Monthly Archives: March 2014


Written by Shri Shashibhushan Hegde

Crtsy-Sudarshan Talwarji
This photo courtesy; Sudarshan Talwar, Kolkata

               An ardent Shankar Jaikishan fan is invariably in love with the early fifties.  At least I am. 

                   Their compositions in the early fifties immediately remind us of the following things:

1.      Lots of Lata Mangeshkar (Films like Poonam, Aurat, Mayur Pankh, Kali Ghata etc feature Lata in each and every song!)
2.      Lots of Raag Bhairavi – SJ were so much influenced by the Raag and they brought out the glory of this ‘Sadasuhagan’ Raag like no one else has been able to do. (6 songs in Barsaat were in Bhairavi, 5 out of 9 songs in Aurat were in Bhairavi….these are just two examples)
3.      Very very rich in melody with minimal orchestration.
The orchestration for these songs was very limited considering the huge orchestra that SJ used during most of their lifetime.  These songs would have at the most half a dozen violins, mandolin, some times a Sitar or a Piano, flute and of course the glorious Dholak. 
Raag Bhairavi was employed in unbelievably wide range that is astounding.  They would come up with a sad song, a peppy song, a devotional song, a philosophical song……..all in Raag Bhairavi.
I am definitely not brash when I say Lata Mangeshkar’s career took off because of SJ.  There is no other composer who gave so many songs to her early in her career in the early fifties.
Presenting a few select songs in different moods and shades but all are based in Bhairavi and sung by Lata.
1.       Hum se na poochho koi pyar kya hai – Film: Kali Ghata(1951) Lyricist: Hasrat Jaipuri.
You haven’t heard this song if you haven’t heard the prelude of this song, which is GORGEOUS!  The Grand Piano prelude is definitely one of the finest of all time.  The mandolin, flute pieces and the Dholak stand out as usual.
2.       Taqdeer ka shikwa kaun kare – Film: Poonam(1952)  Lyricist: Hasrat Jaipuri.
If the previous song was a peppy one, this is an out and out sad song in Bhairavi. But what a composition! Years back, in 1988, HMV had brought out a 2 cassette set “All time Greats – Shankar Jaikishan).  This was the opening song of the album. (The first three songs that I am featuring in this article featured in that album)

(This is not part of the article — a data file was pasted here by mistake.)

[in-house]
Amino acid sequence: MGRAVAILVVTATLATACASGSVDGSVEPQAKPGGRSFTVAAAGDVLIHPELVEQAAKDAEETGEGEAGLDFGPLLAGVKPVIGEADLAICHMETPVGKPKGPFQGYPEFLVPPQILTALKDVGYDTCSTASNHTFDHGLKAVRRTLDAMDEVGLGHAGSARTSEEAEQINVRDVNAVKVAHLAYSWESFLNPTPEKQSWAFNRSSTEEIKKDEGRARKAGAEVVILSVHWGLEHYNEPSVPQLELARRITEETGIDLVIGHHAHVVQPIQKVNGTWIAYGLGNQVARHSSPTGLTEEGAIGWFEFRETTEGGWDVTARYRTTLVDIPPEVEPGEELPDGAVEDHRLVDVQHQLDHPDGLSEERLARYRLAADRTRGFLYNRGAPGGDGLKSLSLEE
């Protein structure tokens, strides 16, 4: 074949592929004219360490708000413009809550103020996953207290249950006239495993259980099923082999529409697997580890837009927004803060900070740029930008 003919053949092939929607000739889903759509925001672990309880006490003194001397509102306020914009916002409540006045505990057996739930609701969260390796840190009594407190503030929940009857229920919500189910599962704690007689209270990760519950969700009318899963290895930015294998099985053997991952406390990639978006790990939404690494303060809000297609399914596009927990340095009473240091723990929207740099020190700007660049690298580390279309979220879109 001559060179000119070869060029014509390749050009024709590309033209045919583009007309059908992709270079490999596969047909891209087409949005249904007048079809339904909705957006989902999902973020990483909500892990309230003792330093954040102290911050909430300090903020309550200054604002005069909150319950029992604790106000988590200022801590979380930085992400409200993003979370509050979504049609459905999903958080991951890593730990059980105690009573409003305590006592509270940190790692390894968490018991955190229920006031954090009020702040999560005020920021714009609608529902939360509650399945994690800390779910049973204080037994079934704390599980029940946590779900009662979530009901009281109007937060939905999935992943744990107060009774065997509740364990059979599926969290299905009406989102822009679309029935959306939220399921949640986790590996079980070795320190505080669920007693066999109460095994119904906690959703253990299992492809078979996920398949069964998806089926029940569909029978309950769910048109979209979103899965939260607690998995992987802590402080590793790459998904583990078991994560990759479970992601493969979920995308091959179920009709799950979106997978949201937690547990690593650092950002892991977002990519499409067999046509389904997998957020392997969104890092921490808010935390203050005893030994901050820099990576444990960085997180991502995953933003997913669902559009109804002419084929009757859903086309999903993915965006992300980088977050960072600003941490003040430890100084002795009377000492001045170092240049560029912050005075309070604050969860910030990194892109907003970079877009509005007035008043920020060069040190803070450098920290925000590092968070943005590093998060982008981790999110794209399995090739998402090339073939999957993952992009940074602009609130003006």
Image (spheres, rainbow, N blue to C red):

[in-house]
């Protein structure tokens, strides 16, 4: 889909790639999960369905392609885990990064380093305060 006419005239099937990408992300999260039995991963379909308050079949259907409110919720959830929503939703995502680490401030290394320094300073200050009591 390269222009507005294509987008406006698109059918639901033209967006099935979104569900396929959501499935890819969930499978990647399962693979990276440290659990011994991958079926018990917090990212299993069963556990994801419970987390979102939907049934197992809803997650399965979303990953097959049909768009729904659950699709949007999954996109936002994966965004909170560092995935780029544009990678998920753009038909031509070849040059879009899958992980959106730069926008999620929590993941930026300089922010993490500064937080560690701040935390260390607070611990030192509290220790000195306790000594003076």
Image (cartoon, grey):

The Sitar and violins pieces in the prelude and the fabulous couplet “Chand poonam ka khila…..” and the short mandolin link line that precedes the song create a totally apt ambiance for the song. Pay heed to the Dholak… much in sync with the singer.
3.      Mohabbat ki dastan aaj suno – Film: Mayur Pankh (1953), Lyricist: Hasrat Jaipuri
I would rate this as one of the best song ever written, composed and presented.  What a beauty in Bhairavi that depicts an ode of love.
This composition is as smooth as silk, as pure as milk and as delectable as honey!  The mandolin, harmonium, flute, minimal violins and the Dholak drift you off to the world of melodious trance in a jiffy! Ulfat ka saaz chhedo chanda suhana hai – Film: Aurat (1953), Lyricist: Hasrat Jaipuri
A fabulous, evergreen beauty the tune of which has been copied by a Greek band years later!  Interestingly as in all songs in this category, the mandolin has an imposing presence in addition to the accordian and Dholak never fails to catch attention. Ja ja ja re ja re ja – Film: Naya Ghar (1953), Lyricist: Shailendra
A song which I consider 24 carats of pure bliss! Look at the pace, speed and the pep the composition delivers.  The Dholak, mandolin, accordion compliment Lata word to word.  If there was ‘Happiness Quotient’ for songs, this would score 10 out of 10 – good enough to drift anyone into happiness.  

6 Mori bipda aan haro – Film: Pooja (1954), Lyricist: Shailendra

 Though rarely heard, this in my opinion is one of the finest bhajans created in film music.  By SJ standards, this is a very simple composition orchestration wise.  But the mimimalistic music with the flute, mandolin, Dholak and absolutely adorable tune along with Lata’s excellent rendering make this a really special song. tunes and music apart, it is the verses of Hasrat Jaipuri and Shailendra which have given tremendous value addition to these compositions as always.Though there are many dozens of songs that fall in to this category, I have chosen half a dozen covering different moods and shades, albeit the same Raag – the Sada suhagan ‘Bhairavi’ of which there was no better exponent than Shankar Jaikishan in Indian film music.